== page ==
Ride-hailing giant Didi Chuxing’s planned $4 billion New York debut will supercharge Chinese listings in the United States on the back of an all-time high in the first half the year, despite political sparring between the two countries.
A total of 29 initial public offerings (IPOs) by Chinese companies in the United States in the first six months of the year raised $7.6 billion, the highest amount ever for that time period, according to Refinitiv data.
That was significantly higher than the $1.9 billion worth of listings in the same time period last year when Chinese firms were more cautious about uncertainties over the economic fallout from the coronavirus pandemic.
The rush of listings happened despite continued political tension between the two countries under President Joe Biden, and the looming threat of U.S. kicking out Chinese companies if they fail to meet auditing standards.
There are now 10 companies with public filings to list in the United States, the largest being Didi which is aiming to raise $4 billion for a valuation of more than $60 billion. The 29 listings so far in 2021 compares with just 13 at the same time last year, according to the data.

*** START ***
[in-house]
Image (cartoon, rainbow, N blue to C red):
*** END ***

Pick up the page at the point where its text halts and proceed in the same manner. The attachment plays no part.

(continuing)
The Biden administration has pressed on with the Holding Foreign Companies Accountable Act, signed into law by then-President Donald Trump in December, which is aimed at removing Chinese companies from U.S. exchanges if they fail to comply with American auditing standards for three years in a row.
The biggest Chinese listing in the United States so far this year was Full Truck Alliance, sometimes referred to as “Uber for trucks”, which raised $1.6 billion earlier this week. E-cigarette company RLX Technology followed closely behind, raising $1.4 billion in January.
Didi is expected to be the biggest U.S. IPO this year.
The share sale, which will price on Tuesday, will also be one of the biggest by any Chinese company in the United States since Alibaba raised $25 billion in 2014.